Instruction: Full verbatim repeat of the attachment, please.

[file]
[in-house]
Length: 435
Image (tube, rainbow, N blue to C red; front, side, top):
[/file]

[in-house]
Length: 435
Image (tube, rainbow, N blue to C red; front, side, top):